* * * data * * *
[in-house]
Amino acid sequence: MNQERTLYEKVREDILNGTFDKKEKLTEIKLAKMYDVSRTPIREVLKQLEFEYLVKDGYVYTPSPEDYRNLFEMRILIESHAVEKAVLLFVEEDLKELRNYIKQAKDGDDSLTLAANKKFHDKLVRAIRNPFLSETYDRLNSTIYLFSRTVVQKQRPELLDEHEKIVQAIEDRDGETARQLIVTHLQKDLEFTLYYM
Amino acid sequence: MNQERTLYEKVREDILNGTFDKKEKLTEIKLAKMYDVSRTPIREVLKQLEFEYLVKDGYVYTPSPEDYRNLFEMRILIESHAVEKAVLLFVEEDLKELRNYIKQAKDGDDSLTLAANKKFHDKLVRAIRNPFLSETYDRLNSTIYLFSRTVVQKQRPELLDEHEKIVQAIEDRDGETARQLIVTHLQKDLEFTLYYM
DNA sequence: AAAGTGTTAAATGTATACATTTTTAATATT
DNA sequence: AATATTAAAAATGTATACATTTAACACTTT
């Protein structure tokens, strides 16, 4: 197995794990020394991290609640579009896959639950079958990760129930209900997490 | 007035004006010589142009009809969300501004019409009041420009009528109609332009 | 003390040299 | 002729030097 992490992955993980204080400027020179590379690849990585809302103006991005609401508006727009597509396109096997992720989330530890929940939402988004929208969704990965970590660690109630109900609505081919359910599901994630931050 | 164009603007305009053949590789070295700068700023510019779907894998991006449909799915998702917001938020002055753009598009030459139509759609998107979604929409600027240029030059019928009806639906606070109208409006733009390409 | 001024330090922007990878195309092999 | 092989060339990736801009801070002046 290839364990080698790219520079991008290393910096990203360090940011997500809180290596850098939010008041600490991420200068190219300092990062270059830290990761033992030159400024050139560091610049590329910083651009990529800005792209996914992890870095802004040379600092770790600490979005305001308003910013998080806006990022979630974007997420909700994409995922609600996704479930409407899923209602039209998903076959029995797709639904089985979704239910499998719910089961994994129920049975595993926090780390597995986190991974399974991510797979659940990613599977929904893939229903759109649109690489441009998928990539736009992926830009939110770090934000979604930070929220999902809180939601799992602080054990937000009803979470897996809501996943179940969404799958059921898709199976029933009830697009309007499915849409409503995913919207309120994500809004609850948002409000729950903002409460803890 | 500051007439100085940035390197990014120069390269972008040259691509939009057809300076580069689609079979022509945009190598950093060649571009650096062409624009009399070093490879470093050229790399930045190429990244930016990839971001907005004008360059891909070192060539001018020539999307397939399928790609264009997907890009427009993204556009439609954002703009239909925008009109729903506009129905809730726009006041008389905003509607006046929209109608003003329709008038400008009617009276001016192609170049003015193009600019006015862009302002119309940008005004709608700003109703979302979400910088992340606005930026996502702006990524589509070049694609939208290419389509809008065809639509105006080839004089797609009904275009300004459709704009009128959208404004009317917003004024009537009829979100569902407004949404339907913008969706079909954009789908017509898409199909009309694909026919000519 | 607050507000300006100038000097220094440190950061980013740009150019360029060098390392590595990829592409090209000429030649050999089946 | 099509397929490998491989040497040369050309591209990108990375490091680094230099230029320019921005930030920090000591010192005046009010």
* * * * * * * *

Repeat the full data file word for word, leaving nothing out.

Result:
[in-house]
Amino acid sequence: MNQERTLYEKVREDILNGTFDKKEKLTEIKLAKMYDVSRTPIREVLKQLEFEYLVKDGYVYTPSPEDYRNLFEMRILIESHAVEKAVLLFVEEDLKELRNYIKQAKDGDDSLTLAANKKFHDKLVRAIRNPFLSETYDRLNSTIYLFSRTVVQKQRPELLDEHEKIVQAIEDRDGETARQLIVTHLQKDLEFTLYYM
Amino acid sequence: MNQERTLYEKVREDILNGTFDKKEKLTEIKLAKMYDVSRTPIREVLKQLEFEYLVKDGYVYTPSPEDYRNLFEMRILIESHAVEKAVLLFVEEDLKELRNYIKQAKDGDDSLTLAANKKFHDKLVRAIRNPFLSETYDRLNSTIYLFSRTVVQKQRPELLDEHEKIVQAIEDRDGETARQLIVTHLQKDLEFTLYYM
DNA sequence: AAAGTGTTAAATGTATACATTTTTAATATT
DNA sequence: AATATTAAAAATGTATACATTTAACACTTT
């Protein structure tokens, strides 16, 4: 197995794990020394991290609640579009896959639950079958990760129930209900997490 | 007035004006010589142009009809969300501004019409009041420009009528109609332009 | 003390040299 | 002729030097 992490992955993980204080400027020179590379690849990585809302103006991005609401508006727009597509396109096997992720989330530890929940939402988004929208969704990965970590660690109630109900609505081919359910599901994630931050 | 164009603007305009053949590789070295700068700023510019779907894998991006449909799915998702917001938020002055753009598009030459139509759609998107979604929409600027240029030059019928009806639906606070109208409006733009390409 | 001024330090922007990878195309092999 | 092989060339990736801009801070002046 290839364990080698790219520079991008290393910096990203360090940011997500809180290596850098939010008041600490991420200068190219300092990062270059830290990761033992030159400024050139560091610049590329910083651009990529800005792209996914992890870095802004040379600092770790600490979005305001308003910013998080806006990022979630974007997420909700994409995922609600996704479930409407899923209602039209998903076959029995797709639904089985979704239910499998719910089961994994129920049975595993926090780390597995986190991974399974991510797979659940990613599977929904893939229903759109649109690489441009998928990539736009992926830009939110770090934000979604930070929220999902809180939601799992602080054990937000009803979470897996809501996943179940969404799958059921898709199976029933009830697009309007499915849409409503995913919207309120994500809004609850948002409000729950903002409460803890 | 500051007439100085940035390197990014120069390269972008040259691509939009057809300076580069689609079979022509945009190598950093060649571009650096062409624009009399070093490879470093050229790399930045190429990244930016990839971001907005004008360059891909070192060539001018020539999307397939399928790609264009997907890009427009993204556009439609954002703009239909925008009109729903506009129905809730726009006041008389905003509607006046929209109608003003329709008038400008009617009276001016192609170049003015193009600019006015862009302002119309940008005004709608700003109703979302979400910088992340606005930026996502702006990524589509070049694609939208290419389509809008065809639509105006080839004089797609009904275009300004459709704009009128959208404004009317917003004024009537009829979100569902407004949404339907913008969706079909954009789908017509898409199909009309694909026919000519 | 607050507000300006100038000097220094440190950061980013740009150019360029060098390392590595990829592409090209000429030649050999089946 | 099509397929490998491989040497040369050309591209990108990375490091680094230099230029320019921005930030920090000591010192005046009010």